AN EMERGENCY bridge has been installed to a West Cumbrian farm and walking route after it was cut off by bad weather.

An existing bridge on the access track to High Nook Farm, Loweswater, was undermined by the beck after heavy rainfall which caused flooding across Cumbria on November 22.

The damage cut off tenant farmer David Allen and his family from accessing the nearby road, and cut off the farm's cattle from their winter silage feed.

It also affected a route popular with walkers.

As work cannot be carried out in the river at the moment to protect fish spawning habitats, the National Trust, which owns the farm, has hired a temporary bridge to provide access in the meantime.

The bridge, which is the only one in the country suitable for the location, was lifted into place this week by contractor Stobbarts.

Ricky Fee, Stobbarts' operations director, said: “The bridge had to be split into four sections to manoeuvre it up the narrow lonning then reassembled on site. But the narrow lanes weren’t the biggest challenge – that was the time pressure.”

Before construction began, West Cumbria Rivers Trust rescued 45 trout and 12 eels from the area and released them downstream.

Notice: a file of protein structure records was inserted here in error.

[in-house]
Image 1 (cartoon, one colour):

Mark Astley, National Trust area ranger for Buttermere Valley, said: “It was really important to reconnect High Nook Farm with the road, and with their livestock, as quickly as possible.

"I’ve been so impressed with the skill of local contractors Stobbarts, and it also means this popular walking route is reconnected in time for the Christmas break.

"At the National Trust we’re working to help our upland landscape become more flood resilient. This work will only become more important as extreme rainfall events like this become more frequent.”

Mr Allen said: “Both the builders and the National Trust have worked excellently, I can’t knock them. It’s a difficult time of the year, with poor access and the weather was against them, they’ve worked really well.”

The temporary bridge has a ridged surface so the National Trust is advising horse riders and cyclists to dismount for safety while crossing the bridge.

The bridge will open to the public on Friday, December 22 and will stay in place until the summer.

Work will then start to repair the existing permanent bridge once the Environment Agency restrictions on working in rivers are lifted.